An old-fashioned action-adventure with derring-do sounds perfect right about now.
If there’s one movie this year that’s going to encapsulate “delightful romp”, it’s Lightyear. It embodies that spirit in the purest, most uncomplicated and most entertaining way.
The Toy Story spin-off cements Pixar as wizards at the peak of the family movie form, craftily balancing an action-driven story with emotional beats.
It’s fun, it’s charming and it’ll hit you right in the feels without being overwhelming – or make you confront the meaning of life, as some other Pixar movies can do. Sometimes you want a cathartic emotional experience but other times, you’re not in the mood for a stealthy serving of philosophy, you just want an adventure.
Lightyear is ostensibly the Buzz Lightyear origin story but the simplest way to explain it is how the film does at the beginning in its title cards.
Essentially, it reminds everyone that in 1995 (the year the original Toy Story was released), a boy named Andy asked for a toy from his favourite movie – Lightyear is that movie. If you want to be meta about it, it’s as if Lightyear existed as a pop cultural touchstone within the Toy Story narrative universe.
Buzz Lightyear (Chris Evans) is a space ranger on a mission 4.2 million lightyears from home when he, commander Alisha Hawthorne (Uzo Aduba) and the crew become stranded.
Their ship has sustained enormous damage, including to the hyperspeed crystal which is necessary for the impossibly long journey home.
Not one to stray from the mission, the unwavering Buzz is determined to find a way to complete the mission, even when that puts him in the path of the dreaded Emperor Zurg (Josh Brolin).
The filmmakers, including Angus MacLane who directed and co-wrote Lightyear with Jason Headley, have cleverly picked up all the various strands and dropped breadcrumbs have four Toy Story movies to create a fully realised feature movie.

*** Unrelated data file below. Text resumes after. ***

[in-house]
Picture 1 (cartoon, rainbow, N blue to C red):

When Buzz and Alisha say “To infinity and beyond”, an involuntary smile spreads wide over your face while a late-in-the-piece costume reveal elicits a genuinely gleeful gasp.
Those references don’t feel shoe-horned in – they’re both fresh and familiar at the same time, and Pixar has built so much goodwill over the years that each time an easter egg pops up, you’re practically coo-ing.
There is a thoughtfully calibrated nostalgia to Lightyear with its callbacks, its traditional story structure and even the fact the technology in the movie is lived-in and mechanised, but it never falls into the trap of “Oh, weren’t things better in the good old days”.
This is a story that’s relevant and resonant to 2022, even if it’s supposed to be from the mid-1990s.
If Lightyear was a stand-alone movie, it would be great, but the reason it tilts into wonderful is precisely because of Pixar’s legacy.
The studio has spent the past almost three decades building universes in which its characters have depth and nuance, in which imaginations push past the outer boundaries of what’s possible and during which its vivid animation has wowed even the most jaded of audiences.
Lightyear plugs right into that culture with its superb story about friendship, trust, determination and the greater good. No wonder it was Andy’s favourite movie.
Lightyear is in cinemas from Thursday, June 16
Originally published as Toy Story spin-off Lightyear is a delightful romp